What investment we get does not fit in with our priorities. There is growing consensus that had we had the power to decide, we would never have started with HS2 but instead prioritised connecting our towns and cities across the North and focused far more attention on the bus services that are the arteries of our regional economies.

This is a system blind to the potential of our towns. Across our former mining towns young people are lucky to find work assembling solar panels, while in Silicon Valley, where the US federal government has been able to use a combination of tax breaks and clean-energy regulations to drive investment, young people are designing the battery technology of the future. Power brought closer to home can have profound consequences. In Germany, the federal government is able to allocate arts funding, so a town like Cottbus outside of Germany, which is roughly the same size as Wigan, has a thriving culture scene.

Here, the Arts Council spends £7 in Islington for every £1 they spend across all the former coalfield areas of the country, leaving large swathes of the North cut off from arts and culture opportunities. As a result, our working-class culture is airbrushed from the national story.

Across the North there is a burning sense that even more fundamental change is needed. The city devolution deals have replicated the mistakes made nationally, concentrating economic and political power in cities, leaving towns feeling still they are governed by remote, unaccountable power that is unable to solve their problems or see their potential. In South Yorkshire and Greater Manchester, there was no public consultation before the system was imposed by former chancellor George Osborne and turnout in mayoral elections has been crushingly low: at 25.8 per cent in Sheffield and 28.9 per cent in Greater Manchester. Power cannot be imposed, it arises from consent.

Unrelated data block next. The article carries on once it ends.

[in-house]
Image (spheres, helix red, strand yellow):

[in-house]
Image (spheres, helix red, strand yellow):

At present the city devolution deals give little opportunity for local communities to be heard, with no mechanisms to scrutinise or challenge decision-making in between elections. There is no public scrutiny chamber, or resources similar to those provided to parliamentarians, that would enable the public, civil society or elected councillors to scrutinise decisions made on their behalf, and information about those decisions is not publicly available.

There are some signs change is coming. In Greater Manchester, the Mayor Andy Burnham has halted a plan – the Greater Manchester Spatial Framework – that sought to concentrate well-paid jobs in Manchester and build warehouses, for low-paid, insecure employment, on the greenbelt in surrounding towns.

At national level, too, there is a growing recognition that we cannot go on as we are. As cities have grown younger and rural areas have aged, the political map has been redrawn. Labour now has overwhelming support in most cities while the Tories dominate rural areas.

This has left towns such as Bolton, Calder Valley and Carlisle as key battlegrounds for the next election and concentrated minds on both sides of politics on the need for action to address the discontent in our Northern towns. People have known for some time the system isn’t working; and doesn’t deliver on the talent, ambition and potential that exists in those towns across the North. Hand us power, and this would change.

Lisa Nandy is the MP for Wigan. She was formerly Shadow Secretary of State for Energy and Climate Change.